Leprosy, a chronic infectious disease once considered the most debilitating disease, has been detected to be caused by a slow-growing bacterium called Mycobacterium leprae. The microbe has been identified and is effectively combated by a carefully treated, multi-drug regimen. However, this disease can still be devastating and cause permanent physical deformities if left untreated. The lack of knowledge about the disease has led to the development of multiple myths about leprosy.
Leprosy is associated with significant stigma and societal prejudice due to several myths. Come on, let’s bust some leprosy myths and share the facts about leprosy.
Myth: Leprosy is hereditary.
Fact: This disease is not transmitted genetically.
Myth: Leprosy is contagious and spread by shaking hands, shaking hands or sitting next to each other.
Fact: This disease is transmitted through nasal and oral secretions during close and frequent contact with untreated patients.
Myth: Babies born to mothers with leprosy will also contract the disease.
Fact: It does not spread transplacentally.
Myth: Leprosy is a sexually transmitted disease.
Fact: It is not transmitted through sexual contact.
What are the challenges of early diagnosis of leprosy?
Leprosy is caused by a slow-growing bacterium. It reproduces very slowly. The incubation lasts about 5 years and the symptoms of leprosy begin to appear after one year. But it could last for years. The stigma and discrimination associated with leprosy cause people to hide the disease and delay its detection. Knowledge of leprosy is therefore the need of the hour.
How to detect leprosy early?
Leprosy mainly affects the skin and nerves. Skin manifestation is one of the first symptoms of leprosy. Any discolored spots with diminished or absent sensation should be checked to be ruled out. The disease is diagnosed by skin or nerve biopsy.
Tips to prevent the transmission of leprosy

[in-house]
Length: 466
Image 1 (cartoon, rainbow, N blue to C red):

1. Individuals with risk factors such as old age and immunosuppression/immune deficiency should be screened for any specific skin manifestations with altered sensation.
2. Early detection should be managed through accurate diagnosis, prompt contact tracing and comprehensive treatment.
3. Social stigma that leads to discrimination against people affected by leprosy should be tackled through awareness raising initiatives. Public education should be made available through posters, flyers at workplaces, educational institutions, etc. School children should be informed of the facts about leprosy that it is completely curable and that one should consult a doctor without delay.
4. People with leprosy are contagious if left untreated. So, motivate those who are engaged in the treatment to complete it.
5. Policies to revise discriminatory laws, especially those that include leprosy as grounds for divorce.
The last word
A well-structured social support system to rehabilitate people affected by leprosy to reintegrate into society and lead normal lives is one of the most important measures to eliminate stigma, reassure the individual and reform society. Developing countries like India need to implement strategies to limit transmission.
The U.S. Centers for Disease Control and Prevention provides detailed information on symptoms, transmission, diagnosis, and treatment, while the World Health Organization is constantly working to promote advocacy and cooperation for the disease. eradication of leprosy.
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